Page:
Keynote speakers

Karen Freidt, NASA

Sparking Genius

"We can no longer accept that a few will lead us forward. We need the collaborative genius of society to help solve our complex challenges and shape our future. We must share the secrets of the creative mind and convince those who have been held down in our hierarchies that they too have as much power and as much to offer as those in traditional positions of strength.

"To shape change we must first believe we can."

When we speak of a Genius it puts those people on a pedestal too high for others to comprehend climbing for themselves. When we teach genius as something that occurs due to persistence and passion, it becomes an attainable goal that we can all achieve. Participants in this session will learn from non-traditional processes developed at one NASA Center to nurture innovation and inspire the creative genius in everyone."

Karen Freidt is Lead for NASA’s Navigation Center for Creativity, Collaboration & Innovation at Langley Research Center

With a BFA in graphic design and experience in advertising, Karen brings a creative perspective to her work leading this small team of passionate people within NASA. This innovative organization specializes in moving minds and ideas forward while piloting new ways of working within government in support of the NASA vision. Karen is driven to challenge assumptions, build better systems and help paint visionary options in the minds of those around her.

In addition to the Navigation Center, she also leads a team that established and is teaching the Agency’s "Enhancing Your Creative Genius" course, developing new courses and is building a collaborative movement with NASA and their local communities.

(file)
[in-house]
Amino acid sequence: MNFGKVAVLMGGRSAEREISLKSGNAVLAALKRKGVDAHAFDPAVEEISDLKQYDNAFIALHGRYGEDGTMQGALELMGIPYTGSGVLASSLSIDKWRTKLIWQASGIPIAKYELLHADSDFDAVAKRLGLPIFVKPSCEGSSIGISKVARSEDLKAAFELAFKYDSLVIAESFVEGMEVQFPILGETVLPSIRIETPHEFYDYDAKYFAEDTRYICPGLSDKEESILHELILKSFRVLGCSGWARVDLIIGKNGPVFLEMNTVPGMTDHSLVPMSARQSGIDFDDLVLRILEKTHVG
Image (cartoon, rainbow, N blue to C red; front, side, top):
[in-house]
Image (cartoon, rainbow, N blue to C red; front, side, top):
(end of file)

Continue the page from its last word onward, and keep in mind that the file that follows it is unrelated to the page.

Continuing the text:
Karen believes it is extremely important that people know every person has the power to make a difference and that it is all of our responsibilities to do so.

Tor Nørretranders

Predictable surprise: How to get information across

Information is a measure of surprise. So why is it that we tend to try to control everything when we want to get information across to someone else? The key is risks, uncertainties, non-control – all of which gives rise to trust, faith and joy. Modern social neuroscience gives us plenty of reasons to take this view. The problem is not to convince ourselves that we need surprises. The problem is to practise it. How do we surprise ourselves? You’ll see … !

Tor Nørretranders (b. 1955) is a Danish science writer, lecturer and thinker. His best known books are "The User Illusion" (Penguin 1999) about consciousness and communication and "The Generous Man" (Thunder's Mouth 2005) about the origin of generosity and creativity.

He presently deals with issues like sustainability, social networks and flows of matter, energy and information. Many consider him a physicist or philosopher, but his academic background is in environmental planning and the philosophy of science (of which he has been adjunct professor at the Copenhagen Business School).

He works as an independent content provider and lives in Klampenborg, just north of Copenhagen.


One rocket scientist's vision
inspired by "shaping change"...

© 2012 Karen Freidt